NuGet is used to restore project’s dependency. In my case, there are 2 build actions for this. The first action is to set the proxy used by NuGet (since I sit behind company’s firewall)
[folder containing nuget.exe]/nuget.exe config -set http_proxy=[proxy]
and second action is the dependency restore process. Note that you can use %WORKSPACE% Jenkins’s environment variable to location your solution file.
[folder containing nuget.exe]/nuget.exe restore [path to solution file]
3. Create AnagramCheckerApp’s App Package
This build action is to ensure that we could create a UWP Application package (*.appx/*appxbundle) from the source code in the repository. The build action comes from MSBuild plugin and you need to configure the App’s project location and the build arguments.
4. Run test from AnagramCheckerAppTest & LibraryTest project.
There are several build action to achieve this step. First we have to build both AnagramCheckerApp and LibraryTest project. For AnagramCheckerAppTest project, the build process will produce an App package which contains the Application Unit tests, on the other hand, LibraryTest project produces a *.dll file containing the test.
Running test from AnagramCheckerAppTest is slightly more complicated. You’ll have to install the code signing certificate of the test app into the local machine’s TrustedPeople certificate storage. This is due to the fact that AnagramCheckerAppTest itself is a UWP Apps and running the test inside it requires the application to be installed. The certificate file is located in the same folder as the app package. In my case it is located in “%WORKSPACE%\ApplicationTest\AppPackages\AnagramCheckerAppTest_220.127.116.11_x86_Test\AnagramCheckerAppTest_18.104.22.168_x86.cer”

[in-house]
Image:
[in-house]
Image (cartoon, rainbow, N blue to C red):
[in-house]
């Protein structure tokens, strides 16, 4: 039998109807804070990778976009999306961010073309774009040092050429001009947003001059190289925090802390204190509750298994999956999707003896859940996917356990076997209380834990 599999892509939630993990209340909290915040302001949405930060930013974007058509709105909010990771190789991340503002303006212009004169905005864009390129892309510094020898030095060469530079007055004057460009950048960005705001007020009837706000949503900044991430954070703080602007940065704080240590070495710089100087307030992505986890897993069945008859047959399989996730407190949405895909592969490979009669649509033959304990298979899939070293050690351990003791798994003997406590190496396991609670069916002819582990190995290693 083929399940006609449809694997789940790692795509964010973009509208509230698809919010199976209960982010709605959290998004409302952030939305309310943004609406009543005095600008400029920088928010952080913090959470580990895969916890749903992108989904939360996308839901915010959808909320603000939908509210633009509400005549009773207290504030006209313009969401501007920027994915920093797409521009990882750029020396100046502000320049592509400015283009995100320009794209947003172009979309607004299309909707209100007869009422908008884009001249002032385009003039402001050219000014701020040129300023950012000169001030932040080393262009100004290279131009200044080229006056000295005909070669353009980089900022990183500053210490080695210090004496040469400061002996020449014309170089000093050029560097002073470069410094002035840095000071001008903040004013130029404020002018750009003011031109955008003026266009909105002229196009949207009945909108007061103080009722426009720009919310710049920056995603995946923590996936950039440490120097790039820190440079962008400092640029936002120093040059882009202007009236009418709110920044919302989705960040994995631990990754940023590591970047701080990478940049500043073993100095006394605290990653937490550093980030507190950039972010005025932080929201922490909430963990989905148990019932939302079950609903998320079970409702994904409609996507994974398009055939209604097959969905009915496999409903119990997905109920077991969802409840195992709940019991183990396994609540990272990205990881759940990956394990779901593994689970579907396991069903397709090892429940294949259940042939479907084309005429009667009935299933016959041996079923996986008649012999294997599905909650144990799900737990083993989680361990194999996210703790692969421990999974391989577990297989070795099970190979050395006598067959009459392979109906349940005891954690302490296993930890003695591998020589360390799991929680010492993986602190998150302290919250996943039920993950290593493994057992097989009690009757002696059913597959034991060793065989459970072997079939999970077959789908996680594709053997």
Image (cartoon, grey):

I use certmgr tool to install the certificate. Note that the certmgr tool must be run as Administrator since we are trying to install the certificate on the local machine.
"C:\Program Files (x86)\Windows Kits\10\bin\x64\certmgr.exe" /add "%WORKSPACE%\ApplicationTest\AppPackages\AnagramCheckerAppTest_22.214.171.124_x86_Test\AnagramCheckerAppTest_126.96.36.199_x86.cer" /s /r localMachine trustedPeople
Once done, we are ready to run both tests from AnagramCheckerAppTest and LibraryTest (we don’t need to configure extra stuff for LibraryTest project). The build action for running the test is available from VSTest Runner plugin. Create a separate build action for each test and specify the “Test Files” target accordingly. For AnagramCheckerAppTest, the test file is the application package located in “ApplicationTest\AppPackages\AnagramCheckerAppTest_188.8.131.52_x86_Test\AnagramCheckerAppTest_184.108.40.206_x86.appx” and for LibraryTest the test file is “LibraryTest\bin\Release\LibraryTest.dll” (name and path may differ based on their corresponding build parameter you specified in previous build action).
5. Publish Test Result & Send Notification to a Slack channel.
The last step is to publish the test result using MSTest plugin. This plugin will convert the *.trx file produced by test runner into *.xml file that is compatible with Jenkins. The only thing that you need to configure is the location of *.trx file.
Additionally, I use Slack to receive notification of the build result. See this for the integration guide.
Everything is ready now and you could try the configuration by triggering it manually to see the result. Once completed, the project’s dashboard will display build & test result.
And you’ll get a concise information in Slack.
Feel free to try and add suggestion!